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The Wall Street Journal: Total’s Key to Russia Is LNG

Oil Company Hopes
To Join With Gazprom
On $20 Billion Project

August 31, 2006

PARIS — Total SA, one of the few oil majors without a significant presence in Russia, is looking to the Shtokman liquefied-natural-gas project to help it catch up to its peers.

Menno Grouvel, Total’s senior vice president for continental Europe and central Asia, said that after missing out on opportunities in post-Communist Russia, Total now hopes Shtokman will provide a way into one of the richest countries in terms of natural resources.

Total was shortlisted in June 2005 to work with OAO Gazprom on the €15 billion, or roughly $20 billion, Shtokman LNG project. The massive gas field in the Barents Sea holds an estimated 3.6 trillion cubic meters of natural gas, enough to supply all of U.S. gas needs for more than five years at current consumption rates, according to a 2006 report from BP PLC.

Chevron Corp. and ConocoPhillips of the U.S., and Norway’s Statoil ASA and Norsk Hydro ASA also have been shortlisted, and Russian Energy and Industry Minister Viktor Khristenko has said a decision could be made in October.

State monopoly Gazprom, the world’s biggest gas producer and exporter of natural gas, plans to use the project to help position itself as a major LNG player in the coming years.

Natural gas, once chilled to a liquid, can be stored on tankers and shipped anywhere. Otherwise, it must be sent via pipeline. Gazprom, which doesn’t produce liquefied natural gas and whose principle export market is Europe via pipelines, hopes to use Shtokman LNG exports as a springboard into North American markets.

The French oil company is hopeful it will be one of the two or three partners Gazprom will choose for Shtokman, said Mr. Grouvel, and is looking for a 20% interest in the project, which is expected to go online in 2012. That would mean a €3 billion investment over six years in the project for Total, Mr. Grouvel said. The company invests around €10 billion a year for all of its projects, he said.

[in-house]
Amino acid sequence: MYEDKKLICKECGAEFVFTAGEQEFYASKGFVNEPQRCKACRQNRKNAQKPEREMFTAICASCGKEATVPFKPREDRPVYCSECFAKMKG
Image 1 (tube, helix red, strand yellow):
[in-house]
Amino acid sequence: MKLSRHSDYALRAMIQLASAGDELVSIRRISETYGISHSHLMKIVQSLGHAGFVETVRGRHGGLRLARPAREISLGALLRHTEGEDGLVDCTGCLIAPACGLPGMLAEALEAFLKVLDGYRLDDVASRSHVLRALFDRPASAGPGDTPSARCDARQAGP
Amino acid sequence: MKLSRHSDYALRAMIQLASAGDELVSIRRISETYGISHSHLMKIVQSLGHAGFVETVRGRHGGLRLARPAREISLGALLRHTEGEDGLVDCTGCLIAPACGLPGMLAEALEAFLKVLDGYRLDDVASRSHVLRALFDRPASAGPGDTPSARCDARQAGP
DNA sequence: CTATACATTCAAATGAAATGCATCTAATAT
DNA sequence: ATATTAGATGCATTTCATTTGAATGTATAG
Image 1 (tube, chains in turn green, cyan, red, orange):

He said when Total put itself up for consideration as a partner, it emphasized its “offshore expertise” — 70% of the company’s portfolio is offshore.

In return for its involvement in Shtokman, Total has said it would invite Gazprom to take part in three of its own projects. Mr. Grouvel declined to detail the asset swaps, a critical element in Gazprom’s decision.

During the past decade Total has found itself playing catch-up with other oil majors. BP has had a presence in Russia since 2003 through a 50% stake in TNK-BP Holdings, its joint venture with Russian investors that has licenses to develop substantial natural-gas deposits in Russia, notably the giant Kovykta field in eastern Siberia. Companies such as Royal Dutch Shell PLC, Exxon Mobil Corp. and Chevron also positioned themselves well and early for the high demand for foreign funding that occurred in the post-Communist era.

Total and Elf, which merged in 2000 to form what is now the world’s sixth-biggest oil company by market capitalization, weren’t big oil majors at the time, Mr. Grouvel said, and in 2005 Total faced a major setback when Russian regulators blocked the group’s attempt to buy a 25%, $1 billion stake in Russian oil company Novatek.

“It was too late. The window of opportunity had been shut,” Mr. Grouvel said. “Total is now one of the very few oil majors without big assets in Russia.”

Total, nevertheless, signed a production-sharing agreement in 1995 for operating the Kharyaga oil field in the Nenets region of Russia, north of the Arctic Circle. But after production started in 1999, Total faced regular criticism from the local government, and was accused of not fulfilling the terms of its contract. That seems to have abated, Mr. Grouvel said, with the field producing normally. Kharyaga, which is the only asset Total owns in Russia, produces 9,000 barrels of oil equivalent a day. The group’s total output is about 2.3 million barrels a day.

Russia is a tough environment in which to evolve as a foreign investor, but there is significant upside, Mr. Grouvel said. The country will have to rely more on foreign funds to meet its investment needs in the energy sector, as it works to renew its hydrocarbon production and reserves, as well as in other industries, Mr. Grouvel said. and its sister non-profit websites,,,,,, and are owned by John Donovan. There is also a Wikipedia feature.

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